Ibrahim Magu, the acting Chairman of the Economic and Financial Crimes Commission, EFCC, on Monday revealed those he found difficult investigating on assumption of office.
Magu disclosed that he found it difficult investigating some, “senior journalists and media owners” who were allegedly involved in the sharing of the funds meant for the fight against insurgency in the North East.
The acting Chairman of EFCC said this at the 68th General Assembly of the Broadcasting Organization of Nigeria, BON, in Abuja which was monitored by DAILY POST.
Magu noted that journalists should be partners with security agencies in the fight against corruption.
According to Magu, media practitioners who should help expose corruption have taken to the vice, in a bid to satisfy some of their alleged paymasters.
He said, “Corruption has made Nigeria a laughing stock among committee of nations. We have never been in doubt that checking corruption is the part way to escape from poverty in the country, this is the reason why successive administration made the fight against corruption a priority.
“The success has been mixed, while some of us are blaming past administrations for lacking the will to tackle corruption, I believe that we also share in the blame. As citizens and professionals, we have roles to play. The question is how effective have we played our roles?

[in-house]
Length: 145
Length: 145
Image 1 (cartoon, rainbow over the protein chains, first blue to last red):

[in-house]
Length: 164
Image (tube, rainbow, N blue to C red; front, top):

“As media practitioners, how effective have we being in helping to fight corruption, the media occupy a unique place in the fight against corruption and impunity in Nigeria. As the fourth estate of realm, the media is the only profession that is constitutionally mandated to hold the nation’s leaders to account, but how has the media fared well in the discharge of this sacred mandate?
“The media has been in the vanguard of the liberation of democracy from the shackles of military dictatorship, but since the return to democracy in 1999, the experience as an observer, has been mixed, we have seen flashes of courageous reporting that have straightened our public accountability.
“Let the truth be told, there is no way law enforcement agencies can know about all cases of graft in the society. Journalists as investigators in their own right are supposed to help in exposing corruption and other societal ills, wherever they exist.
“Unfortunately, this is one area we have challenges, media practitioners that are supposed to help fight corruption have been swapped into malpractice.
“One of the difficult tasks I faced soon after I took over as acting Chairman of the EFCC was having to investigate senior journalists and media owners that partook in the monies meant for sharing of arms to fight insurgency in the North East.
“It was shocking that even those arraigned in court still feel they have done nothing wrong, it is difficult to understand the disposition of many media practitioners who are comfortable helping the corrupt to undermine the fight against corruption by attacking anti-corruption agencies.
“I’m not against critical review of anti-corruption fight if such arguments are based on facts. Journalists are supposed to be investigators like us by training but investigative reporting is less fancied these days as media practitioners pursue bread and butter issues.
“Journalists and journalism have been hijacked by those who have the means and sometimes they do stories to satisfy the needs of their paymasters.”
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